Every so often, I take a look at my blog statistics to see which articles are performing well. And one article that’s just hung in there for years is the one I wrote on getting into BYU. Here we are three years later, and it usually picks up a few views every day, day in and day out. I don’t link to it (well, other than just now), don’t mention it on Facebook. It’s out there in the wild, attracting views from the public at large.
Today, when I saw it had picked up some more, I wondered what it was about the article that attracted eyeballs. Why that one and not others? And I think the reason is that it scratches an itch people have. A desire to answer an unanswerable question. Because when people start googling “getting into BYU” or “how hard is it to get into BYU,” they don’t really want to know that answer. Sure, breaking it down statistically is interesting, but the question they really want to know the answer to is “Will my child get into BYU?” And that’s a question no one can answer until BYU’s admissions process answers it one way or the other.
I understand this desire, however. The thought that if I can just research things well enough, I’ll be able to figure it all out. (Whatever “it” happens to be at the moment. Right now it’s cars. Sometimes it’s trips to Europe or Disney. Who knows what it will be tomorrow.) But as I’m constantly reminded, sometimes research just has its limits. You can get all the information you want, but you still won’t be able to know if that particular car will be reliable in the future, or if the airfares will go down in price next month, or if Disney will have a better deal later.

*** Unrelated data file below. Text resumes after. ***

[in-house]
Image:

The problem is, because the internet is so big and vast, it’s easy to think you just haven’t looked in the right places. And to make matters worse, sometimes you haven’t. Google doesn’t point you in the best direction every time. It relies on the search query you use, and sometimes you’re using the wrong one. After hours looking in less helpful places, you stumble across something that’s way better than anything you’ve seen to date. And then of course you start to wonder if there isn’t something even better, just around the next corner.
At some point in time, you have to accept that you’ve got limits. That you have to make a decision. Send in that application and hope for the best. Book the ticket.
But for people like me, you’ll still always wonder if there wasn’t something else you could have checked or read that would have given you even better information, which in turn would have made All the Difference.